Transnational Film: Cultural Appropriation

What is transnational film?

A transnational film is one that incorporates aspects of many different countries, and that cannot be defined as belonging to a single nation. Motion Pictures (Films), originated in France around 1896, where the Lumiere Brothers produced a film of a moving train. It was new and exciting form of entertainment. When they showed it to a live audience, they all screamed and went to exit the theatre as they thought a train was actually coming towards them. Films were the latest and greatest form of entertainment yet. However, it was not long before this phenomena took off and went global. By the 1930’s, Hollywood was responsible for 80% of films screened world wide. Most of these films contained many western themes. Films were everywhere.

Different countries saw films as a key source of entertainment and felt a need to control what was culturally appropriate for their audience.  An clear example of this is the Chinese film industry. In 1927, the Chinese film industry established a film censorship board. Any film that portrayed a Chinese person in a negative way was censored and banned. Although as time went on, the Chinese film industry eventually let other films back into their country. Furthermore, the Australian film industry also took off at an incredibly rate releasing 163 films in the 1910s. However, over the years Australia has found it difficult to penetrate the film entertainment market. In 2014, Australian films accounted for barely 2.4% of the box office. In hindsight however, this does make economically sense. The Australian economy isn’t exactly “booming” at the moment and the film industry is very demanding. Expenses that Australia cannot afford, but ones the US can afford. An average cost of a major film in the US is $100 million. It is incredibly difficult for Australia to compete with all the High Definition and Graphical ingenuity that other industries can afford. With all these films being produced and circulated around the world, it is hard to be respectful to every culture.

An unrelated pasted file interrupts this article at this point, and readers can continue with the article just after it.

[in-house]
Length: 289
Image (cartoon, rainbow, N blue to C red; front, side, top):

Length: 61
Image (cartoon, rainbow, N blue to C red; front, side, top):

Many have been offended by the content of films, as some films have been based off cultural stories of other countries. Also, some films contain stereotypes that are definitely insulting to other cultures, for example, “Iron Man 3”. The character, “The Mandarin” was originally very insulting to Chinese culture. Making fun of the Chinese by only adhering to the stereotypes. Hence, in the actual film they had to adjust the character of the Mandarin in order to please all crowds. This is called “Cultural Appropriation”. Taking an idea from another culture and using it at the principal idea for something that is belongs to someone else. This is not always a negative thing. In the film “O Brother, Where art thou”, the director appropriated Homer’s Odyssey in order to provide an interesting and engaging film that would entertain audiences. For example, there is a cyclops in Homer’s Odyssey. So in order to appropriate this to film, the director simply inserted a big tall strong man with an eye-patch. This film was a huge success and was enjoyed by many.

Therefore, cultural appropriation does not always have negative impacts. Films play an instrumental role in our entertainment industry and are an essential part of society. They are an exploration of the imagination as they explore creativity through a virtual realm.

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